Learning How to Paint in Oils by Elaine Ostroot

Posts tagged ‘painting lessons’

using photographs – part one


Photos are wonderful!  I do not know any other thing that has been as helpful.  I could not go to Kenya, but I had friends and students that did.  Another pair of good friends traveled a lot and I was the recipient of many of their photos from Mexico and Central America.

There are a few problems we must keep in mind.  The camera “sees” differently.  It flattens objects.  It distorts.  The shadows are usually too dark and it records EVERYTHING.  An artist friend said that the only problem he had with photos is learning what to leave out.  If it doesn’t contribute to the painting or what you are trying to say in the painting, leave it out.

  So in my new series of paintings about Native Americans, I will use Edward Curtis’s photos as I would a photo I took myself – selectively.  I will begin by showing you the photo I am using and detail how I plan to use it.   I will lighten the shadows on our chief’s face and open his eyes a little more.  I will put an evening sunset behind him; the lightest yellows low, gradually deepening to orange and rose colors ending with the darkest around his ceremonial bonnet.  I will change the stick with the scalps – I will make it a Calumet (a “peace”  pipe).   I will also remove the shadow on his hand.  I will also edit out the curve of the cape below his bonnet as well as the metal buckle on the saddle blanket.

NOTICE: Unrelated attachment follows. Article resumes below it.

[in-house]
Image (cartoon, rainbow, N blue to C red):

Curtis “staged” a good many of his photos.  He acquired a sizable wardrobe of clothing, bonnets and other artifacts to assist him.  The man was an artist – I have no objection to his methods, but I don’t have to use all of his details in my work.  If you copy a photo exactly – what are you saying?  You are “saying” what the photographer said.   Where is your input?  I want to “say” something different.  I want you to look at that wonderful face.  I want you to see the nobility of a God created creature, created in His image.  I do not want you distracted by a bunch of “details” that do not contribute to that goal.  Curtis had a different goal – so do we all.  Choose your goal for your painting and stick with it.  Don’t let someone else’s idea change your plan.